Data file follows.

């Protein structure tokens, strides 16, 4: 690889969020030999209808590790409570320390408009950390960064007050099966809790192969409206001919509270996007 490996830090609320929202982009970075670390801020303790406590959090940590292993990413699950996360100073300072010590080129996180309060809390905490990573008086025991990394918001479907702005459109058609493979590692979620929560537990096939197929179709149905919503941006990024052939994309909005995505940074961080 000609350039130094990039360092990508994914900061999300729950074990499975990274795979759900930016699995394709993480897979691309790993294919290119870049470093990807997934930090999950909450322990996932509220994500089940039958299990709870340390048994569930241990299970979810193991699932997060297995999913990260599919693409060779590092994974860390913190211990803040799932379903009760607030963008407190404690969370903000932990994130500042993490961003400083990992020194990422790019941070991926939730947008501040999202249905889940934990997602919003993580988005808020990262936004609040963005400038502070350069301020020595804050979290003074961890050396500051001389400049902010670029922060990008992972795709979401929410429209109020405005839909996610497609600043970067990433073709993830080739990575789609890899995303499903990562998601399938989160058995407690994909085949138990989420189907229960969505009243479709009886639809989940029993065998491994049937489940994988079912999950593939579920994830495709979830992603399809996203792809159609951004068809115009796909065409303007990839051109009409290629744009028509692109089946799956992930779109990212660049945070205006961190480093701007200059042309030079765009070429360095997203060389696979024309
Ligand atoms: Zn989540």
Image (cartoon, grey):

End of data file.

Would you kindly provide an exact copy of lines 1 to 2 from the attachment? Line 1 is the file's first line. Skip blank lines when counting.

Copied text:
């Protein structure tokens, strides 16, 4: 690889969020030999209808590790409570320390408009950390960064007050099966809790192969409206001919509270996007 490996830090609320929202982009970075670390801020303790406590959090940590292993990413699950996360100073300072010590080129996180309060809390905490990573008086025991990394918001479907702005459109058609493979590692979620929560537990096939197929179709149905919503941006990024052939994309909005995505940074961080 000609350039130094990039360092990508994914900061999300729950074990499975990274795979759900930016699995394709993480897979691309790993294919290119870049470093990807997934930090999950909450322990996932509220994500089940039958299990709870340390048994569930241990299970979810193991699932997060297995999913990260599919693409060779590092994974860390913190211990803040799932379903009760607030963008407190404690969370903000932990994130500042993490961003400083990992020194990422790019941070991926939730947008501040999202249905889940934990997602919003993580988005808020990262936004609040963005400038502070350069301020020595804050979290003074961890050396500051001389400049902010670029922060990008992972795709979401929410429209109020405005839909996610497609600043970067990433073709993830080739990575789609890899995303499903990562998601399938989160058995407690994909085949138990989420189907229960969505009243479709009886639809989940029993065998491994049937489940994988079912999950593939579920994830495709979830992603399809996203792809159609951004068809115009796909065409303007990839051109009409290629744009028509692109089946799956992930779109990212660049945070205006961190480093701007200059042309030079765009070429360095997203060389696979024309
Ligand atoms: Zn989540």